Maedhros, also called Maedhros the Tall, was one of the princes of the Ñoldor, the eldest of the seven Sons of Fëanor and head of the House of Fëanor following the death of his father in Middle-earth. He was extraordinarily renowned for his skill both as a warrior and as a diplomat. For hundreds of years, he led his House against the forces of Morgoth but the Oath that he and his six brothers had sworn to recover the Silmarils constrained him and ultimately led to his death.
Thingol, also known as Elu, was one of the two kings of the Teleri, the other being his younger brother Olwë. He was also the King of Doriath and the greatest lord of the Sindar. Known as Elwë during the first years of the Eldar, he was the older brother of Olwë and Elmo. He was also a good friend of Finwë, King of the Noldor.
His hair was silver and he was the tallest of all Elves and Men. As the de facto “Lord of Beleriand”, Thingol would become a central figure of the First Age, instigating the Quest for the Silmaril, the greatest victory of the Age, but ultimately the cause of his own doom.
The Lord of the Rings Characters: Hobbits
There’s no denying that some of the most popular and lovable characters in Lord of the Rings are Hobbits. One very special Hobbit, at one point in time, held the destiny of Middle-earth in his hands. Let’s check out the Main Hobbit characters in Lord of the Rings.
1. Bilbo Baggins
Bilbo Baggins is the title character and protagonist of J. R. R. Tolkien’s 1937 novel The Hobbit, as well as a supporting character in The Lord of the Rings.
In Tolkien’s narrative conceit, in which all the writings of Middle-earth are translations from the fictitious volume of the Red Book of Westmarch, Bilbo is the author of The Hobbit and translator of various “works from the elvish” (as mentioned in the end of The Return of the King).
2. Frodo Baggins
Frodo Baggins, son of Drogo Baggins, was a Hobbit of the Shire during the Third Age. He was, and still is, Tolkien’s most renowned character for his leading role in the Quest of the Ring, in which he bore the One Ring to Mount Doom, where it was destroyed.
He was a Ring-bearer, best friend to his gardener, Samwise Gamgee, and one of the three Hobbits who sailed from Middle-earth to the Uttermost West at the end of the Third Age.
3. Merry Brandybuck
Meriadoc “Merry” Brandybuck (later known as Meriadoc “Merry” Brandybuck I, due to his grandson’s birth) was a Hobbit and one of Frodo’s cousins and closest friends. He loved boats and ponies and had a great interest in the maps of Middle-earth. He was also one of the nine companions of the Fellowship of the Ring, and later became the eighth Master of Buckland.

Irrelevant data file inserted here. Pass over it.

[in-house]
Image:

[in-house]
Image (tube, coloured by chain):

4. Samwise Gamgee
Samwise Gamgee, known as Sam, was a Hobbit of the Shire. He was Frodo Baggins’ gardener and best friend. Sam proved himself to be Frodo’s closest and most dependable companion, the most loyal of the Fellowship of the Ring, and played a critical role in protecting Frodo and destroying the One Ring.
Gollum is a fictional character from J. R. R. Tolkien’s Middle-earth. He was introduced in the 1937 fantasy novel The Hobbit, and became important in its sequel, The Lord of the Rings. Gollum was a Stoor Hobbit of the River-folk, who lived near the Gladden Fields.
Originally known as Sméagol, he was corrupted by the One Ring and later named Gollum after his habit of making “a horrible swallowing noise in his throat”.
6. Pippin Took
Peregrin Took, more commonly known as Pippin, was a Hobbit of the Shire, and one of Frodo Baggins’s youngest, but closest friends. He was a member of the Fellowship of the Ring and later became the thirty-second Thain of the Shire.
The Lord of the Rings Characters: Dwarves
We’ve finally reached the mighty dwarves. Even though they would rather be holed up in their mountain protecting their gold, drinking mead, and generally being unpleasant, they too had a role to play in Tolkien’s stories. Let’s check out the main dwarven Lord of the Rings characters.
Balin was a Dwarf leader, the son of Fundin, and the elder brother of Dwalin. He was one of the thirteen Dwarves who accompanied Thorin II Oakenshield on the quest to regain the Lonely Mountain.
A Dwarf Lord known for his wise counsel and willingness to listen, he was one of Thorin’s closest friends and advisers. Balin was distantly related to him, and a descendant of the noble house of Durin.
He later went to re-establish the kingdom of Moria, but within five years it was overcome once more by Orcs, and he was killed there along with the rest of his companions.
Gimli, son of Glóin, was a well-respected dwarf warrior in Middle-earth during the Great Years. He was a member of the Fellowship of the Ring and was the only one of the dwarves to readily fight alongside elves in the war against Sauron at the end of the Third Age. After the defeat of Sauron, he was given lordship of the Glittering Caves at Helm’s Deep.
3. Thorin Oakenshield
Thorin II, also called the Oakenshield, King under the Mountain or the Mountain King, was the son of Thráin II, the older brother of Frerin and Dís, the grandson of King Thrór and the uncle of Fíli and Kíli. Thorin was best known for his deeds as leader of a company that infiltrated the lost Kingdom under the Mountain to take it back from Smaug and for leading an alliance of Men, Dwarves, and Elves in the Battle of the Five Armies.
The Lord of the Rings Characters: Istar (Wizard)